Thursday, May 25, 2006

oh happy day

With the "faith in justice" restoring conviction of Ken Lay today, it might be a good time to remember the special relationship between Bush and "Kennyboy" Lay. When the trouble for Lay first started, Bush tried to distance himself from Lay.

From a 2002 Salon article:
As Washington became engulfed in the Enron firestorm Thursday, President Bush made what may be the biggest misstep of his year-old presidency -- attempting to distance himself from Enron and its former chairman and CEO, Ken Lay, even though the company and its executives have given more than $550,000 to Bush during his short political career.

"He was a supporter of Ann Richards in my run in 1994," Bush said of Lay, "and she named him the head of the Governor's Business Council. And I decided to leave him in place, just for the sake of continuity. And that's when I first got to know Ken, and worked with Ken, and he supported my candidacy."
But later in the same article we find that Lay was a big supporter of Bush:
According to records provided by Texans for Public Justice, a political watchdog group that monitors political giving in Texas, Bush received $25,000 from Lay by the end of 1993. Throughout his run for governor in 1994, Bush received more than $146,000 from the Lay family and other Enron execs. Ken and Linda Lay contributed $47,500 to the Bush campaign ($10,000 of that money came on Dec. 1, 1994, after Bush was already elected); the Enron political action committee (PAC) chipped in another $20,000, and other Enron executives gave Bush $79,000.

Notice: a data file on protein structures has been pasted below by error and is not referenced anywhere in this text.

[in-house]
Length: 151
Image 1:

The Smoking Gun has a collection of letters between these good buddies:
The Bush-Lay Letters
Correspondence suggests chummy President-Enron boss relationship

JULY 8--With the FBI slapping handcuffs on Kenneth Lay this morning, let's take a stroll down memory lane, when the disgraced former Enron boss wasn't under indictment and had a cozy pen pal relationship with George W. Bush. Below you'll find an assortment of correspondence exchanged during the years Bush was governor of Texas and Lay ran the Houston-based energy giant. The letters, released by the Texas state archives in response to Freedom of Information requests, touch on personal matters like Bush's knee surgery, Christmas gifts, birthday greetings, and even a Lay heads-up regarding a Thomas Friedman story about globalization. Enron, in case anyone forgot, was Bush's biggest Lone Star political contributor. (8 pages)
This has got to be a happy day for many ex-Enron employees. Ken Lay should always be referred to as "Bush supporter Ken Lay" or "Bush's best friend Ken Lay."

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